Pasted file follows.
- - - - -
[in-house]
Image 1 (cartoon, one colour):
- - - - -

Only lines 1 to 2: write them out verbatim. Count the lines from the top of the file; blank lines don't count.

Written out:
[in-house]
Image 1 (cartoon, one colour):